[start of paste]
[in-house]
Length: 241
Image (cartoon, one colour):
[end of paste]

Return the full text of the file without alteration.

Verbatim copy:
[in-house]
Length: 241
Image (cartoon, one colour):